And nowhere is it harder to determine innocence or guilt than rape.  Especially in the college setting, there is no damning forensic evidence (any evidence can be explained away by 'rough' consensual sex).  Witnesses are frequently drunk, biased, or both.  The accused and the accuser are frequently intoxicated as well.  Innocence and guilt comes down to who do you believe more?  The exact thing that rape advocates decry ends up happening- judging the accuser's credibility, with all of the human biases and problems that entails (even if the question "Why did you wear that dress if you didn't intend to have sex?" isn't asked, it's still eating away at the accuser's credibility in the minds of the disciplinary board).  And what's more, rape is such an incredibly serious charge.  All too frequently, college admins must choose between either letting an accused man off the hook entirely or practically destroying their life, and decide that the accuser's account just isn't credible enough.  And public cases of falsely accused men whose lives have been destroyed reduce any appetite college admins might have to expel a student.  Finally, cultural biases play into this- rape is something 'scary black men' from the inner cities do- not something done by clean shaven college men in a suit and tie with a job waiting at Goldman Sachs and no criminal record.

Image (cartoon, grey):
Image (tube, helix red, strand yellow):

All this contributes to a widely reported problem: rape victims not coming forward.  Survivors see media accounts, and watch as survivors who do come forward are torn apart in the press.  They frequently carry a deep shame for "letting it happen to them", and don't want to talk about it with anyone.  Finally, they are told by police detectives and campus deans that pressing forward with charges is not likely to lead to a "conviction", an accurate if depressing statement.  College guarantees of anonymity (which serve to protect the identities of the victim and the accused) make this problem worse.  In the case of a serial rapist, by keeping the names of both the victim and the rapist secret, no other victim learns that another woman was assaulted, and they are all thus less likely to come forward unless they meet another victim by random chance (see the Columbia case above).  Thus, say 5 women are assaulted by 1 serial rapist.  One victim is brave enough to come forward on her own.  She loses the case, and the other four never hear about it.